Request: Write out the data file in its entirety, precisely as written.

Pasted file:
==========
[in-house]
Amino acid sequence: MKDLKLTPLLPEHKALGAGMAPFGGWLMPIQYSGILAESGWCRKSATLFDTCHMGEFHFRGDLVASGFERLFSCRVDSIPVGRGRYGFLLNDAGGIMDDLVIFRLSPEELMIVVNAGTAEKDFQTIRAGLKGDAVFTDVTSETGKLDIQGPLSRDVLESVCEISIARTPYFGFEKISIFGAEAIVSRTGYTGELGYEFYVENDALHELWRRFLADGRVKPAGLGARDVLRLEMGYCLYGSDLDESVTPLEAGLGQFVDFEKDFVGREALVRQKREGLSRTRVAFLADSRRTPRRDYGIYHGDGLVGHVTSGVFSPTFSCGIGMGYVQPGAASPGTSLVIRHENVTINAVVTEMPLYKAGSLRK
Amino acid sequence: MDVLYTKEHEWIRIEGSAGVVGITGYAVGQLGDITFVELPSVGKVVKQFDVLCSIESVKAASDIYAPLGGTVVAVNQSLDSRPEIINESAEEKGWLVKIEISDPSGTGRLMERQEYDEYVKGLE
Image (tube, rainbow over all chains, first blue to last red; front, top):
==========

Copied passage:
[in-house]
Amino acid sequence: MKDLKLTPLLPEHKALGAGMAPFGGWLMPIQYSGILAESGWCRKSATLFDTCHMGEFHFRGDLVASGFERLFSCRVDSIPVGRGRYGFLLNDAGGIMDDLVIFRLSPEELMIVVNAGTAEKDFQTIRAGLKGDAVFTDVTSETGKLDIQGPLSRDVLESVCEISIARTPYFGFEKISIFGAEAIVSRTGYTGELGYEFYVENDALHELWRRFLADGRVKPAGLGARDVLRLEMGYCLYGSDLDESVTPLEAGLGQFVDFEKDFVGREALVRQKREGLSRTRVAFLADSRRTPRRDYGIYHGDGLVGHVTSGVFSPTFSCGIGMGYVQPGAASPGTSLVIRHENVTINAVVTEMPLYKAGSLRK
Amino acid sequence: MDVLYTKEHEWIRIEGSAGVVGITGYAVGQLGDITFVELPSVGKVVKQFDVLCSIESVKAASDIYAPLGGTVVAVNQSLDSRPEIINESAEEKGWLVKIEISDPSGTGRLMERQEYDEYVKGLE
Image (tube, rainbow over all chains, first blue to last red; front, top):